• Commitment to the mission of the ACLU

Supervision and Staffing 

  • Directly supervise Legal Fellows and support staff, including regular check-ins and approval of expense reports and time off
  • Assist Project Director in:
    • Supporting staff retention, feedback, and professional development efforts for all project staff
    • Making staffing decisions by ensuring balance of work across project staff, including opportunities for writing, discovery, witness examinations, arguments, and other professional growth
  • With a focus on developing and maintaining an excellent and diverse staff, undertake the following responsibilities: 
    • Managing processes for hiring and onboarding new staff, fellows, and interns, which includes recruiting excellent candidates and furthering our board-mandated goal to increase the percentage of staff with disabilities and significant disabilities and working in furtherance of our other announced diversity hiring initiatives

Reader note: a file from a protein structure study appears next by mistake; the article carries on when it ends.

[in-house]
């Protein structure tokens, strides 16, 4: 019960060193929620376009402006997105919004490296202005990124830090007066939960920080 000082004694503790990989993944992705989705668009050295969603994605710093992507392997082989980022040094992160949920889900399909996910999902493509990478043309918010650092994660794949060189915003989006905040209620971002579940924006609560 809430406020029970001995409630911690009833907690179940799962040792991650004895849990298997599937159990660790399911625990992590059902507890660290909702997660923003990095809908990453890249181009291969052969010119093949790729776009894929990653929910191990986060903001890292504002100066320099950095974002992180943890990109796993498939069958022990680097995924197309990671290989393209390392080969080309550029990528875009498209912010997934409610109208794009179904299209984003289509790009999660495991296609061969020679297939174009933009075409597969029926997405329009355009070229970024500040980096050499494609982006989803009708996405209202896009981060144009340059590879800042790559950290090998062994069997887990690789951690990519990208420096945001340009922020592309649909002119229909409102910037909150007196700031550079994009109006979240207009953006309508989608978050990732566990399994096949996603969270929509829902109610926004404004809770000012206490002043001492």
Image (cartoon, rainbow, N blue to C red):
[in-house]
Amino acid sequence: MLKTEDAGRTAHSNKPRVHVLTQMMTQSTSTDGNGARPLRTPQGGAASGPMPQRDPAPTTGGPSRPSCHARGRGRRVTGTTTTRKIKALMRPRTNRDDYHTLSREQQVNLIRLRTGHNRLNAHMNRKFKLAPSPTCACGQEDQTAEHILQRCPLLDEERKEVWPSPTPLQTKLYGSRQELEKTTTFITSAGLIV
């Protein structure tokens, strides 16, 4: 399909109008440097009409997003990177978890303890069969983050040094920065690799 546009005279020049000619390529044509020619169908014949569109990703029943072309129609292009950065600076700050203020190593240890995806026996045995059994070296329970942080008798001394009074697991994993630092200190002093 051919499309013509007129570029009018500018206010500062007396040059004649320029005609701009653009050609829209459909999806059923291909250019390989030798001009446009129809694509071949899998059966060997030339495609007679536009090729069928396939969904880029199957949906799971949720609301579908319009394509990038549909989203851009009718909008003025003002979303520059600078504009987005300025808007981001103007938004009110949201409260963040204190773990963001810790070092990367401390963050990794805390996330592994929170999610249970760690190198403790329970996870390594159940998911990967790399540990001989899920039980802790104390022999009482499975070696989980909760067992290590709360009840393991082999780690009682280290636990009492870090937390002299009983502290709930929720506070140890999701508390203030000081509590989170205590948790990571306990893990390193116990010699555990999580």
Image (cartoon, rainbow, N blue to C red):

• Lead sustained efforts to create and nurture pools of diverse candidates from which to recruit 


  • Assume responsibility for ongoing administrative functions such as maintenance of the case docket and legal database, completion of the time survey, and recruitment of pro bono firms, among other work, as directed
  • Assist the Project Director and Development Department with fundraising and donor cultivation as directed
  • Assist the Project Director with expense tracking and budgeting as directed 


  • J.D. degree and significant civil rights and liberties litigation experience
  • Demonstrated expertise in policing litigation and policy, including the influence of race, class, gender, sexual orientation, and disability status
  • If not currently admitted to the New York Bar, candidate must be admitted to the bar of another state and agree to become admitted to the New York Bar within one year of hire, unless approved for remote work from a different U.S. location
  • Seven or more years of litigation experience, drafting complaints and briefs, and conducting discovery preferred
  • Strong leadership skills, for instance serving as lead counsel on litigation or project teams; skilled in working with litigation and/or project teams, including development of clear goals, strategy, team processes and communication, and accountability